Truth, Inspiration, Hope.

Traditional Marriage: Grace and Loyalty Come First

Lucy Crawford
Born and raised in China, Lucy Crawford has been living in Canada for over 20 years. She has great sympathy for Chinese and human suffering in general. With a Master's degree in Education and having worked on various professions, she now translates and writes about stories in ancient and modern China. She lives in Calgary with her husband and four children.
Published: July 5, 2021
Traditionally, destiny, rituals, grace and loyalty all came before romance and lust in regards to marriage. (Image: Adam via Flickr CC BY-SA 2.0)

As the most pivotal event in many people’s lives, getting married is not to be taken lightly. Today’s casual attitude towards marriage, however, may be the root of many social problems. Domestic violence, cold violence, the seven-year itch, extra-marital relationships, living together out of wedlock, and readiness to divorce have degraded social morality and generated enormous karma which we face in the form of disease, disaster, and general unhappiness..

Changing attitudes toward marriage may be due to the overemphasis on self, romantic ideals, indulgence in desire, and disbelief in cause and effect. With social demoralization, as with any problem, one needs to address the root cause to find a solution. If we take a look at the wisdom of traditional culture and understand marital relationships of the past, we may find the key to restoring morality in society.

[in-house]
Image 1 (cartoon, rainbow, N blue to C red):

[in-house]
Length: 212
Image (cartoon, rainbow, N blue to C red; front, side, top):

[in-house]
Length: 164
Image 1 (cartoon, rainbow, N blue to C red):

Predestined relationship

In describing the destiny between a husband and wife, a Chinese proverb goes, “it takes one hundred years to cultivate a relationship for two to share a boat, and one thousand years for two to share a bed.” In the vast sea of people, that two strangers are able to come together is truly incredible. Traditional Chinese culture attributes this relationship to karmic links from previous lives.

Although love may be what brings people together, it is grace and loyalty that keep them together. While the feeling of being “in love” is very powerful, the importance placed on romance is recent — in Chinese, the modern word for “romance” comes from English. With the modern emphasis placed on individuality, people have forgotten how to compromise for the sake of their sacred vows, and their own desires are often placed before more important values.

In ancient times, complete rites and moral ethics bound the feelings between men and women. People believed that “love” had to be based on marriage, not the other way around. Marriage was orderly, stable, rational, and recognized and respected by the whole of society. All “love” outside the foundation of marriage was not permitted and considered illegitimate.

As a contract under Heaven, marriage vows should be respected through thick and thin, with both partners respecting and honoring each other.  (Image: Phil! Gold via Flickr CC BY-SA 2.0)

Marriage is not child’s play. Even the lead up to it is laden with intricate ceremony. During the Zhou Dynasty (1045-221 B.C.), the longest lasting, and one of the most culturally significant dynasties in China, the “six etiquettes” were established. 納採 (Nà cǎi, proposal), 問名 (wèn míng, birthday matching), 納吉 (nà jí engagement), 納征 (nà zhēng, wedding gifts, 請期 (qǐng qī, selecting the date), and 親迎 (qīn yíng, wedding ceremony) were the steps everyone took in approaching marriage. Birthday matching was done with the help of a fortune teller, who would predict whether the marriage would be successful based on zodiac compatibility. 

In conforming to these rites, people showed their respect for gods and Heaven, and emphasized filial piety. They would pay homage to Heaven and Earth in order to be formally acknowledged, and also pay homage to their parents to receive their blessings.